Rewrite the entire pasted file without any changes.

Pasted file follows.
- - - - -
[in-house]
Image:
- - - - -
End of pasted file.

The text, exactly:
[in-house]
Image: